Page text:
Seeking a 360° View of Innovation

Sensors Insights by Tom Kevan

Cutting-edge fabrication processes, new materials, and nanoscale architectures are redefining sensor technology. In the drive to achieve greater miniaturization and new levels of performance, researchers are pushing the envelop of sensing with technologies like 3D printing and materials such as graphene, nanotubes, and photocurable resins. The problem is that, in the rush to introduce and commercialize the next disruptive technology, they don't always wait until they know the full ramifications of the innovations they are introducing.

Undefined Risks
Consider for example the work done at the UK's National Physical Laboratory. There scientists recently announced that they developed a technique for depositing silver onto clothing fibers. The process bonds a 20 nm layer of silver onto individual fibers, allowing wearable electronics developers to print flexible, lightweight circuits onto complete garments. The technique could be used to incorporate wearable sensors into clothing to monitor health conditions in medical patients, first responders, and athletes.

The prospects of such advances are exciting—that is until you factor in the ongoing discussion among scientists about the potentially dangerous health and environmental effects posed by nanoparticles. Then the benefits are not as clear-cut.

Researchers at Duke University demonstrated that silver nanoparticles used in many commercial products can have an adverse effect on plants and microorganisms after they have entered the ecosystem as by-products of sewage treatment plants. Taking the examination one step further, how great a risk will these materials pose if they are worn close to the body as wearable sensors and electronics?

Unfortunately, the potential risks are not restricted to silver nanoparticles. A study conducted by biologists, engineers, and material scientists at Brown University found that jagged edges of graphene can easily pierce cell membranes and disrupt normal function. "These materials can be inhaled unintentionally, or they may be intentionally injected or implanted as components of new biomedical technologies," said Robert Hurt, professor of engineering and one of the study's authors. The researchers are continuing to look into what happens once graphene gets inside the cell, and this is just one of the first steps in understanding the potential for graphene toxicity.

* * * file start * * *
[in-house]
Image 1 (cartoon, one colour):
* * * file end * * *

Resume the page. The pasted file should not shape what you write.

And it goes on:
In another study, this time conducted at the Illinois Institute of Technology, researchers warn that additive manufacturing, which uses a process called molten polymer deposition (MPD), emits ultra-fine particles into the air. The particles, which measure less than 100 nm in diameter, are removed by ventilation systems traditionally found in industrial environments. As 3D printers migrate into smaller manufacturing operations and the commercial arena—environments that may not have adequate ventilation and filtration systems—the particles could cause strokes among workers.

The Jury Is Still Out
None of these studies are definitive. For every article warning of the dangers posed by nanomaterials, you can find a counterview, saying that the risks are minimal. The fact is that the question is complex. Before scientists can assess the effects of nanomaterials on the environment and humans' health, they have to determine to what degree nanoparticles are released from products and how and to what degree do those nanoparticles affect organisms. This will require more evaluation and research.

The best approach would be to learn more about the new processes and materials shaping the next generation of electronics and sensors. As these developments gain momentum, though, it will be difficult for technology providers to wait.

Tom Kevan is a New Hampshire-based freelance writer specializing in technology.

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